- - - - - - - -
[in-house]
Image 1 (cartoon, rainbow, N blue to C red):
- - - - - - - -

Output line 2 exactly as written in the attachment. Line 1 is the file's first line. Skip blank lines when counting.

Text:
Image 1 (cartoon, rainbow, N blue to C red):